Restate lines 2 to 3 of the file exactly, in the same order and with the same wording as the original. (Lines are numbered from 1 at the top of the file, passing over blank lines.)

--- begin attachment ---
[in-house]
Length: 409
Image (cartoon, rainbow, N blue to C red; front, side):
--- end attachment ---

Length: 409
Image (cartoon, rainbow, N blue to C red; front, side):